']Well, since there are 4 numbers to fill, there are 9 possibilities of each space so there are 9^4 possibilities of last four digits(1/6561). still working on it.

First, the last 4 digits can range from 0001 to 9999. Making your equation 119/(10*10*10*9) I think.

This, of course, doesn't factor in the first 3 digits, which account for region, and the next 2 which account for group. For each combination of the last 4, there are 10*9 possible groups and 10*10*9 possible areas (which isn't exactly true since not all area ranges have been issued yet and not all group ranges have been issued for each area.)

Assuming all ranges to be possible, the real solution would be 119/(prob.area)(prob.group)

119/(10*10*9)(10*9)= 0.15% unless I'm mistaken.

edit: I see mistakes already <_<

Edited by Grayven
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that only addresses the question of whether 118 students have a particular SSN, now whether they share one with each other.

here's how I did it:

look at the probability each student does not share an SSN with another student:

for student #1, it is 9999/9999, or 1. For student #2, it is 9998/9999. For 119 students, it is 9999/9999 * 9998/9999 * 9997/9999*...*9881/9999 = .488

to answer the OP, the probability is 1-.488 = 0.512

oops... I forgot there were 117 other possible numbers to share with :blush: Obviously, you remembered the results from the birthday thread.

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And I never thought my statistics class in high school was worth anything...

Thank you Wikipedia for the quick refresher!

http://en.wikipedia.org/wiki/Birthday_paradox

By first calculating the probability that we have 119 unique SSNs, we can then find the complement (NOT) to get the probability that we have 1 or more collisions.

Probability of being unique

= (unused SSNs / total SSNs)

= (9999 - (used SSNs)) / total SSNs

1st persion: (9999 - 0)/9999 = 1

2nd: (9999 - 1)/9999

3rd: (9999 - 2)/9999

....

Nth: (9999-(N-1))/9999

Combined probability of all being unique simultaneously

= 1st * 2nd * 3rd * ... * Nth

Ruby script I used to solve it ( My calculator was a whole 5 feet away, and I was feeling a wee bit lazy :-P )

#!/bin/ruby


n=1.0


119.times do |i| # i=0..118

  n=n*(9999-i)/9999.0

end


puts ""

puts "n="+n.to_s # probability of all unique SSNs

puts "1-n="+(1-n).to_s # complementary probability (not all unique SSNs)
Output:
n=0.494128032151815

1-n=0.505871967848185

So, 50.5872% chance that 2 random SSNs would collide.

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I'm totally lost. I hope I'm not the only one :P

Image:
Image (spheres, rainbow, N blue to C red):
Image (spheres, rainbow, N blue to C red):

Read the birthdays thread for lots of detailed discussion... but basically:

if you were in that class of 119 students, then the probability of one of the other students sharing your number is 118/10000 = 0.0118

But... the Prof is looking at the chances of ANY two students sharing a number - so as well as comparing your number with everyone elses, he also has to compare dave's with mary's. And Dave's with Jim's. And Jim's with Mary's. And everyone elses. Which you can see will increase the probability up from 1.18%

So:

The easiest way to calculate this is to consider: What is the probability of no-one sharing the same number? Then, if the the probability of no-one sharing the same number is 75%, then the probability of someone sharing a number must be 25%.

In order to have no-one share a number, imagine the 119 students pick their numbers one at a time. Then the first student can take any of the ten thousand combinations. The second can only pick 9999 out of 10000 in order to keep things different, and the third 9998

If we multiply up these probabilities, then we get 10000/10000 x 9999/10000 x 9998/10000 x ... x 9882/10000 = 0.494163

So, the probability of no-one in the class sharing a number is 49.42%, and the chances of someone sharing a number must be 1-0.4942 = 50.58%

Incidently, knowing the good Prof, and knowing the birthday's problem, I had a feeling the answer might be around 50%.

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if d = 10000, n = 119, p = duplication probability

p = d!/[n! x dn] = [1- 0/d] [1-1/d] [1-2/d] [1-3/d] ... [1-(n-1)/d] = 0.4941630062

1 - p = 0.5058369938 = uniqueness probability

Would have been simpler if d were about 100 or less, the factorials could be calculated. :mad:;)